From January – April 2018 I was placed in Nepal as an Active Global Citizen volunteer with Raleigh International. Before leaving the village I interviewed Masum, my fellow team leader, to get his thoughts on the placement.
Masum arrived at the training centre feeling like the new boy in class as it was a day later than everyone else. He may also have been feeling a little nervous as he applied for a volunteer role but was placed as a team leader. His teacher was the one to encourage him to apply and Masum felt like it was time he stepped out of his comfort zone, saying “I haven’t left my home for more than 2 weeks at a time”.
During the training most of us thought Masum was the quiet type, but I soon saw him in his element as we entered community and started running sessions with young children at the school. Even when things weren’t going to plan there was never an awkward moment as Masum quickly had the children organised, singing and playing games.
Helping street children
His ease with kids is probably a result of the work Masum was doing before the placement. He and his close friend Bishal spent every Saturday giving tea and donuts to the street children in Chitwan. For three years they’ve been using their pocket money and collecting from friends and family to help fund the project. Masum is now keen to work for an official charity to gain experience working in a group and for an organisation.
His experience will be further supported with his Bachelors in business administration, which Masum is currently studying. Whilst he hopes to continue his work in the charity sector he says that he does face some challenges:
“In our culture we’re not really encouraged to work outside of our comfort zone and home environment. Volunteering isn’t really understood and I’d like this to change because I’ve got so much out of it”.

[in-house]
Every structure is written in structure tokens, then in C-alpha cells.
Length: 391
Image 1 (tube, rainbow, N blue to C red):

Living the rural life
Masum was placed in Archale, the most rural of the selected villages in Gorkha. The rural life and being cut off from all civilisation, without a single shop, has been very different to his comfortable home in Chitwan. It was a surprise to not have electricity for a few days due to the storm, but being without a mobile phone for that time was a good experience for Masum as he didn’t have the news and only village life to think about.
Using less of the things he doesn’t need is just one of the changes in his life. Rural life has made him appreciate everything that’s done for him back home and he’s even promised to help his mum with the washing now that he knows how to do his own clothes. He says that:
“People take everything for granted, such as water, electricity and education. At home I have a school on my doorstep but here the children have to walk up to 2 hours or go into Kathmandu.
I’d definitely recommend this programme to everyone. Normally Nepalese people won’t get a chance to work with other cultures or live in a rural area for this long, it’s a chance to see the real Nepal.”
As he looks back on his time here Masum feels surprised at his own ability to run a full project with a large team and a whole community. His favourite moments have been with the team and the achievements we’ve made together.
Visit raleighinternational.org for more information about current sustainable development projects.
Visit www.vlunteerics.org to apply to be a volunteer.
Learn more about Nepal
Nepal was one of the friendliest and most compassionate places I’ve visited. You’ll meet brave, peaceful and caring people, experience many different climates and see views that take your breath away.
Visit www.welcomenepal.com to learn more about Patan and other places to visit in Nepal.
Visit www.lonelyplanet.com for great stories advice and photography from fellow travellers.